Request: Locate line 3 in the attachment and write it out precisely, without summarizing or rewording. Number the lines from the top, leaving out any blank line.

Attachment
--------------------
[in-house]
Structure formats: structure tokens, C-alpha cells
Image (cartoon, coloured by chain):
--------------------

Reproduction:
Image (cartoon, coloured by chain):